The unarmed robot submarines visibly had communication masts and sonar aperture suggestive of their intended role as tireless underwater surveillance systems intended to report on the movements of warships and submarines of other navies in the Pacific and Indian Oceans.

While the United States may not be the first to operationally drone a Large Diameter Unmanned Underwater Vehicle (LDUUV), it is not far behind with a slightly smaller sub Extra Large UUV. In February 2019, the Navy awarded Boeing a $274.4 million contract to build four (later increased to five) Orca autonomous vehicles, beating out a more elongated and cylindrical design proposed by Lockheed Martin.

Continue reading… “The Navy’s underwater drone is the future of submarine warfare”

0

World’s 1st fully autonomous fruit-picking drones are smarter than humans

4CC4A588-F774-4321-826F-FB10450E2E3A

Israel-based agricultural drone manufacturer Tevel Aerobotics Technologies Ltd. is completing its third round of funding – a $20 million financing round raising its valuation to a cool $45 million

These orders are meant for autonomous drones developed by Tevel Aerobotics which are equipped with a one-meter long mechanical claw. This mechanical extension can be used to pick fruit or for thinning and pruning tasks in orchards.

Tevel claims to use artificial intelligence capabilities on a ground-based mobile unit that acts as the autonomous brain of the drones. The brain lets them identify fruit types, blemishes, and the level of ripeness.

Even though the global fruit-cultivation is expected to grow, the company expects the number of agricultural workers in the field to reduce, projecting a a potential for $3 billion in annual sales to growers in the U.S. and Europe

The wide range of utility that drones offer is sure to make them a popular instrument in the coming years. As a testimony to this, Israel-based agricultural drone manufacturer Tevel Aerobotics Technologies Ltd. is completing its third round of funding – a $20 million financing round raising its valuation to a cool $45 million.

Continue reading… “World’s 1st fully autonomous fruit-picking drones are smarter than humans”

0

Insect-inspired robots that can jump, fly and climb are almost here

590E3FF5-98A3-4FE4-BC4F-5285C61B4731

Roboticists who designed these robots, called Tribots, took inspiration from the real-life trap-jaw ant’s locomotion strategies.

Did you envision a giant machine assembling cars, Data from “Star Trek,” C-3PO from “Star Wars” or “The Terminator”? Most of us would probably think of something massive — or at least human size.

But a whole arm of robotics is focusing on bug-size ‘bots (and smaller).

It’s not just the size of tiny insects that are inspiring roboticists; it’s also the many complex tasks and physical feats that comprise the everyday lives of many fleas, flies and other six-legged creatures.

Continue reading… “Insect-inspired robots that can jump, fly and climb are almost here”

0

Amazon Unveils a flying security drone

041C7FB0-9338-4FFE-8980-4D6528381011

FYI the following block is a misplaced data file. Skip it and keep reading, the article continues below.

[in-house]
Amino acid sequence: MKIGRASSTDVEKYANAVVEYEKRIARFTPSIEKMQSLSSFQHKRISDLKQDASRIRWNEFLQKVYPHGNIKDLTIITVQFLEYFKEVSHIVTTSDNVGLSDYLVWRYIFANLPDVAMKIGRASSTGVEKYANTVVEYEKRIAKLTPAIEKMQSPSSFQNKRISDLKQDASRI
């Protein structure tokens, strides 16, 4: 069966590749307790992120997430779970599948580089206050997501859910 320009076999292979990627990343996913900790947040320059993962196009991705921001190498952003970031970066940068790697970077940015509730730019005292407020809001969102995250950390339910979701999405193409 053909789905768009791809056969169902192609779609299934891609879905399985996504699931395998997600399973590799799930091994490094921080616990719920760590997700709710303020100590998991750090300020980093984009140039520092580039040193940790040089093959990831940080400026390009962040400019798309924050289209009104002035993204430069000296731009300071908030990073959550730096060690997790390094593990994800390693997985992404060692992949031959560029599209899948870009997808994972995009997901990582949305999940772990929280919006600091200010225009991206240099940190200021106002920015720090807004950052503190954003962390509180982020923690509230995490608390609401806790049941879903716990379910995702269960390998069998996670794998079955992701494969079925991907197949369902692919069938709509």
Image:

A security drone is on the way from Amazon and it has more than few people asking questions about privacy. At the same time, tech enthusiasts seem to be pretty excited about this newest addition to the home surveillance marketplace.

Amazon’s smart home security division Ring has unveiled a new home security drone that will launch into the air and begin recording if it detects a suspected break-in. Dubbed the Always Home Cam, users will be able to access instantaneous streaming video once the drone launches.

Continue reading… “Amazon Unveils a flying security drone”

0

The 5 biggest technology trends in 2021 everyone must get ready for now

7B450E29-9BBA-4CB0-A9FE-5D279F814932

It might seem strange to be making predictions about 2021, when it’s far from certain how the remainder of 2020 is going to play out. No-one foresaw the world-changing events of this year, but one thing is clear: tech has been affected just as much as every other part of our lives.

Another thing that is clear is that today’s most important tech trends will play a big part in helping us cope with and adapt to the many challenges facing us. From the shift to working from home to new rules about how we meet and interact in public spaces, tech trends will be the driving force in managing the change.

In many ways, Covid-19 will act as a catalyst for a whole host of changes that were already on the cards anyway, thanks to our increasingly online and digital lives. Things will just happen more quickly now, with necessity (long acknowledged as the mother of invention) as the driving force. And should it be the case that – as certain US presidents have predicted – Covid-19 “magically disappears” – the changes it has brought about will not, as we will have learned to do a lot of things more efficiently and safely.

Here’s my overview of how the major tech trend that I identified in my most recent book Tech Trends in Practice, are likely to play out during the next year. Some will play their part in helping us to recover “normality” (whatever that means), while some of them will make it easier for us to understand and navigate a changed reality.

Continue reading… “The 5 biggest technology trends in 2021 everyone must get ready for now”

0

Using drones to disrupt the status quo

 854BFE9F-A51C-446F-A637-A087FC8BEAFB

Drone-based digital imagery can be used to better estimate the size of large crowds.

From Standing Rock to Syria, drones are being used to hold the powerful to account. Let’s keep it that way.

The civil rights movement and Moore’s law are colliding to transform politics. On the street, smartphone technology is being used to document social life as never before, putting power into the hands of the public and making eyewitnesses of us all.

This same technology, bolted onto cheap and easy-to-fly drones, is also providing a birds-eye view of politics on the ground. Indeed, a recent explosion in the availability and affordability of drones has driven an uptick in their use in support of social movements. In the years since the first use of a drone to document a protest — a 2011 event organized against Russian president Vladimir Putin — they have been a consistent presence at protests in societies where democracy is under threat.

Continue reading… “Using drones to disrupt the status quo”

0